If Ketchum really wants to become a town that works for cars, pedestrians and cyclists, it's going to have to quit being shy about reclaiming rights of way that belong to the city.
When discussion of improvements to Warm Springs Road came before the Ketchum City Council recently, talk turned to the fact that some property owners will not be happy when the city uses the full road width for bike lanes, sidewalks and improvements to the roadway.
Travel improvements on the road that leads to Baldy's second base area may require that trees, lawns, fences, irrigation systems and other obstructions within the city's right of way be removed.
Warm Springs isn't the only street that the city needs to reclaim.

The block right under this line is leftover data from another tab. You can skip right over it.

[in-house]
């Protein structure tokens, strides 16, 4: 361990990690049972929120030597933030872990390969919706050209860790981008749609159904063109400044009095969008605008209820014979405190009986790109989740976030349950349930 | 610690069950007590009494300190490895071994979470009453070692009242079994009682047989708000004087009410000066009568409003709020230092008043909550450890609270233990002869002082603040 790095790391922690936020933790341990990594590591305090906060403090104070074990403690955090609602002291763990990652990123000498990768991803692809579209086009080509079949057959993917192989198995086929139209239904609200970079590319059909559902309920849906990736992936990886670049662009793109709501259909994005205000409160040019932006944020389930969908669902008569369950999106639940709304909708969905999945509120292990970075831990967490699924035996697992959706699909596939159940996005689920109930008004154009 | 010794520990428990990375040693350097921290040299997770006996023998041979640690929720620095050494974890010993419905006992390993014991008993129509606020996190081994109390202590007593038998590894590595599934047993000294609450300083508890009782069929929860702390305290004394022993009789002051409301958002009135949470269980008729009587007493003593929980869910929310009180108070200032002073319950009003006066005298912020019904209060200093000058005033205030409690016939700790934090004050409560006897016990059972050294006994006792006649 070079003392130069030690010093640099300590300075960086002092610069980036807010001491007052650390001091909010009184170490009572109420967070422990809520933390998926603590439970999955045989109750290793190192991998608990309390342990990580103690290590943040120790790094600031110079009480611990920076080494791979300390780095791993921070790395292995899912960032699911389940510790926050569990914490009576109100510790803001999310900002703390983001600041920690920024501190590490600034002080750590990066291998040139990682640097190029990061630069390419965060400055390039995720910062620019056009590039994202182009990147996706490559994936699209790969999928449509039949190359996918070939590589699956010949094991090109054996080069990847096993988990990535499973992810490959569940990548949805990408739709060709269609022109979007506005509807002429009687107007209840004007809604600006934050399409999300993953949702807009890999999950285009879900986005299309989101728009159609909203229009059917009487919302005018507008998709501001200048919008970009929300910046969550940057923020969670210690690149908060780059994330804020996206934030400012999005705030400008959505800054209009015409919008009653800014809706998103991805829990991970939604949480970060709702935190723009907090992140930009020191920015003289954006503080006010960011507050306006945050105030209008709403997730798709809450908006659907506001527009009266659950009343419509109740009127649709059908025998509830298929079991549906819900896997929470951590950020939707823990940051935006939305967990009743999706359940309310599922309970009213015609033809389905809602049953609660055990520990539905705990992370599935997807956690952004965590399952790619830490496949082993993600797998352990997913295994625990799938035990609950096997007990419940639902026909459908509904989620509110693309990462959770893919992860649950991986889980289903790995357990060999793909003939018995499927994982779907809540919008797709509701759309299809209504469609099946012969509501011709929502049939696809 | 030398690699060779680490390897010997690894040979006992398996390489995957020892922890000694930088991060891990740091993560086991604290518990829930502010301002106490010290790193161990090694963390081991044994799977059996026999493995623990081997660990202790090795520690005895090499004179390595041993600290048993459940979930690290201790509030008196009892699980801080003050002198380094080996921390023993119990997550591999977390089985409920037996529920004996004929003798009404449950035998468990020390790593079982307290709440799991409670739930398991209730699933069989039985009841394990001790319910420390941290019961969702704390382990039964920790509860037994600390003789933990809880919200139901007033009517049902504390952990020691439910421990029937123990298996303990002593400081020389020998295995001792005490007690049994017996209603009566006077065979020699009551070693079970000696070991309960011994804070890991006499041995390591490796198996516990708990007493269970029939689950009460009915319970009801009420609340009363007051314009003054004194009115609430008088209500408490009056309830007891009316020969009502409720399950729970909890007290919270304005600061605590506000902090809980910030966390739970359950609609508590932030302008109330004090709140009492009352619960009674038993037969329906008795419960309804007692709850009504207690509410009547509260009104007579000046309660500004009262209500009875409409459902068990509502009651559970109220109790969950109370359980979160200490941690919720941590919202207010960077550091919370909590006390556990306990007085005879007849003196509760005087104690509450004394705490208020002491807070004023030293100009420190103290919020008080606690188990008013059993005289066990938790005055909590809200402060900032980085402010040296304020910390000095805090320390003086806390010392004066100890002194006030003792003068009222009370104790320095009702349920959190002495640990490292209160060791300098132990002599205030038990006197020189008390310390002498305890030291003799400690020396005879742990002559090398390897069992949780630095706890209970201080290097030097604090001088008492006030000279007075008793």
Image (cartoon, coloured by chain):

Property owners have pinched large swaths of Ketchum's rights of way. Areas that should have sidewalks and on-street parking have none. Unenforceable "No Parking" notices are privately posted on fences and stakes to scare drivers away.
Some alleys that should be open for business drop-offs and deliveries look more like private storage areas.
The city's neglect has produced disorganized traffic flows, chaotic parking and dangerous tangles of pedestrians, cyclists and motor vehicles. This is bad for residents and visitors, and bad for business.
If Ketchum is ever to become the friendly and charming place it says it wants to be, it's going to have to develop some courage. Trees, lawns and fences within public rights of way are not sacrosanct. They can be moved or replaced—on private property.
The city should go full speed ahead, reclaim its streets and organize the town—for everyone's benefit.